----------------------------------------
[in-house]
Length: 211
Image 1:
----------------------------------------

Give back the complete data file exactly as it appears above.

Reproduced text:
[in-house]
Length: 211
Image 1: